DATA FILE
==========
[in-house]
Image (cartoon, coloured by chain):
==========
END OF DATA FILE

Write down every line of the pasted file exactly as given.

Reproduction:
[in-house]
Image (cartoon, coloured by chain):